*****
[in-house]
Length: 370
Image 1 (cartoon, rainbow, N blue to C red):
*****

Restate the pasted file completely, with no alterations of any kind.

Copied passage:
[in-house]
Length: 370
Image 1 (cartoon, rainbow, N blue to C red):